Before I would invest in one or two strobes I would think about were you want to go with your photography. Its alot of money to outlay on strobes when down the track you may upgrade to a better camera or even a DSLR.
It might be a good idea to either look at strobes that are well suited for a DSLR (ie Ikelite ds125) or use the money that you were going to use on the strobes for your compact and put towards a DSLR setup.

It gets to a point were you have to think about how much money you want to spend on underwater photography.

Just my 5 cents.......we dont have 2 cents over here anymore

Aussie

FishFood
09-05-2007, 22:14
DONT, DONT, DONT use the zoom. Optical OR Digital. ALWAYS get physicaly close! The optical zoom is a crutch that, unless you're about to miss the shot of the century, you shouldnt use. By getting close to your subject, youll get more colors.

divinjen
09-06-2007, 13:31
Thank you all so much for the advice! I unfortunately cannot buy a strobe at the moment, so Aussie, your info was very much welcomed! Devil, thanks for the compliments on the photos- I assume you mean the ones around the lake. thanks alot! I like them too! :) Fish food- I try to get as close as possible, but for the detail and color that some people have...man I just don't know!

I 'hover' I don't know how else to describe it!! LOL I do the rebreathing and all. it's funny to watch (or so I am told) because the fish and stuff don't notice I am there and continue along their merry way :D

divechaplain-sara
09-06-2007, 15:17
Jen, I checked out your pictures. You've got some great ones. I love the quotation that you have in your signature--there's a deep truth in it.

divinjen
09-06-2007, 15:33
Jen, I checked out your pictures. You've got some great ones. I love the quotation that you have in your signature--there's a deep truth in it.
Thanks! I was looking for a quote for my friend and I came across it, I was like WOW that is so true!!! I had a blonde moment! lol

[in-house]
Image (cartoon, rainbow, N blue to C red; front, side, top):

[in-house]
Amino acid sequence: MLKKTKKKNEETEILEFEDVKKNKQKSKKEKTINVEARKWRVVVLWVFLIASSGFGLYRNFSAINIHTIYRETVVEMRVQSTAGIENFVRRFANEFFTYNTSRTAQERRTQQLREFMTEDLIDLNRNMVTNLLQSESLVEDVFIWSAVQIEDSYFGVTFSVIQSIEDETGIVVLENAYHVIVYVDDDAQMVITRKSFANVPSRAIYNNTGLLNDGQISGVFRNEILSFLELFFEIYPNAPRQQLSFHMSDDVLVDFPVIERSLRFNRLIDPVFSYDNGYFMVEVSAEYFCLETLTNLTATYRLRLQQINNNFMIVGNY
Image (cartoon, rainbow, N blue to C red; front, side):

BobArnold8265
09-09-2007, 21:25
Jen,

I think you're having the exact same problem that I used to have (and sometimes still do). It mostly comes down to lighting. The flash that comes on most digital cameras these days are not very powerful (good to around 12 feet on land and about 2 feet underwater).

You basically have three choices.

1. Add a more powerful strobe. Yes some of these can be pricey but you I disagree that you should wait and buy a really nice strobe that you can grow into. Less powerful strobes are usually smaller and lighter and always come in handy and a secondary source of light when (or if) you add a second strobe. They're also nice when shooting close-up since they allow you to get into tight spaces.

2. Get closer to your subjects (0 to 3 feet max).

3. Buy a red filter. This will help pull out more color in your shots. It works best with natural light so is really only practical in fairly shallow (no more than 40 feet), clear water on a sunny day.

I used to shoot with a 35mm camera and switched to digital about a year ago. It took me several dive trips to "dial in" the digital camera. It's only been in the past 4 or 5 months that I've been pleased with my pictures. Every camera is different so just keep shooting and fine tune your adjustments and in no time your pictures will look great.